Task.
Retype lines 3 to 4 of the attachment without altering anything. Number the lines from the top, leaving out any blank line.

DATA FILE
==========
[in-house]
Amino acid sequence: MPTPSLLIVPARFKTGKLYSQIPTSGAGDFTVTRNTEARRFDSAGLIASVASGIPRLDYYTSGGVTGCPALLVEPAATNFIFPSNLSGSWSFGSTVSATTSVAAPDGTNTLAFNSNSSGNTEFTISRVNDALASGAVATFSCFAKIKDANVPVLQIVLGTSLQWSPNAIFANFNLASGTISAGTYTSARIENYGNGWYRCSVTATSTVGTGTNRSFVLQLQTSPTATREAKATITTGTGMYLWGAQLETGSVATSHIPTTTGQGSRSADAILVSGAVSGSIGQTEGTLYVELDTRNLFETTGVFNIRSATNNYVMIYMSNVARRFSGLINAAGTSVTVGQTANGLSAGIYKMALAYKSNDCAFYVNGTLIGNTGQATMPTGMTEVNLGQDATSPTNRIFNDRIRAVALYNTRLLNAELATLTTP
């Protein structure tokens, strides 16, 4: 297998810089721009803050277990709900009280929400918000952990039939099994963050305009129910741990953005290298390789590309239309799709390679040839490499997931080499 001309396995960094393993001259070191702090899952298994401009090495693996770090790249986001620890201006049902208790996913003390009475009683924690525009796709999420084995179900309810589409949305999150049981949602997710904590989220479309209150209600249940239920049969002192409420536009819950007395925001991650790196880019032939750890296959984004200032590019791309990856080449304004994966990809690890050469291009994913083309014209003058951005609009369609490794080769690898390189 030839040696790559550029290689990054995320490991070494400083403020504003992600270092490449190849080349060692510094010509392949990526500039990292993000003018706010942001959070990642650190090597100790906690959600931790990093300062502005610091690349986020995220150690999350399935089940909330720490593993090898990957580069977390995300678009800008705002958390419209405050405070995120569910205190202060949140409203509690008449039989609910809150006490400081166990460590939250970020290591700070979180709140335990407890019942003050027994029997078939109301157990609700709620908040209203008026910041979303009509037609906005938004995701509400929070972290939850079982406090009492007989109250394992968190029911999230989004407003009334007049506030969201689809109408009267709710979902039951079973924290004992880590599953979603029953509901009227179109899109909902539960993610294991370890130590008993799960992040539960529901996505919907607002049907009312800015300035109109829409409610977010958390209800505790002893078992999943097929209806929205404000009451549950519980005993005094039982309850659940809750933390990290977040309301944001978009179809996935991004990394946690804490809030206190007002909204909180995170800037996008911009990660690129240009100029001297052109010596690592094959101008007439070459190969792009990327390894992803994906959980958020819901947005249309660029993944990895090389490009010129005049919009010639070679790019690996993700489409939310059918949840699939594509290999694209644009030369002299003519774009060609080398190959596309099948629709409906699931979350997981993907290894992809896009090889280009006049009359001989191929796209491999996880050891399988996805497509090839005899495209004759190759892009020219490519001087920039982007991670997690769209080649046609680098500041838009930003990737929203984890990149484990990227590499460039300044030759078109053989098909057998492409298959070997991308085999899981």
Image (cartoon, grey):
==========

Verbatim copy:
């Protein structure tokens, strides 16, 4: 297998810089721009803050277990709900009280929400918000952990039939099994963050305009129910741990953005290298390789590309239309799709390679040839490499997931080499 001309396995960094393993001259070191702090899952298994401009090495693996770090790249986001620890201006049902208790996913003390009475009683924690525009796709999420084995179900309810589409949305999150049981949602997710904590989220479309209150209600249940239920049969002192409420536009819950007395925001991650790196880019032939750890296959984004200032590019791309990856080449304004994966990809690890050469291009994913083309014209003058951005609009369609490794080769690898390189 030839040696790559550029290689990054995320490991070494400083403020504003992600270092490449190849080349060692510094010509392949990526500039990292993000003018706010942001959070990642650190090597100790906690959600931790990093300062502005610091690349986020995220150690999350399935089940909330720490593993090898990957580069977390995300678009800008705002958390419209405050405070995120569910205190202060949140409203509690008449039989609910809150006490400081166990460590939250970020290591700070979180709140335990407890019942003050027994029997078939109301157990609700709620908040209203008026910041979303009509037609906005938004995701509400929070972290939850079982406090009492007989109250394992968190029911999230989004407003009334007049506030969201689809109408009267709710979902039951079973924290004992880590599953979603029953509901009227179109899109909902539960993610294991370890130590008993799960992040539960529901996505919907607002049907009312800015300035109109829409409610977010958390209800505790002893078992999943097929209806929205404000009451549950519980005993005094039982309850659940809750933390990290977040309301944001978009179809996935991004990394946690804490809030206190007002909204909180995170800037996008911009990660690129240009100029001297052109010596690592094959101008007439070459190969792009990327390894992803994906959980958020819901947005249309660029993944990895090389490009010129005049919009010639070679790019690996993700489409939310059918949840699939594509290999694209644009030369002299003519774009060609080398190959596309099948629709409906699931979350997981993907290894992809896009090889280009006049009359001989191929796209491999996880050891399988996805497509090839005899495209004759190759892009020219490519001087920039982007991670997690769209080649046609680098500041838009930003990737929203984890990149484990990227590499460039300044030759078109053989098909057998492409298959070997991308085999899981």
Image (cartoon, grey):